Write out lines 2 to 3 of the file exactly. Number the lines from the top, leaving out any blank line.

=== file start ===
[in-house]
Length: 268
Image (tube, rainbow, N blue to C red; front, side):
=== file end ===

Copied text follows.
Length: 268
Image (tube, rainbow, N blue to C red; front, side):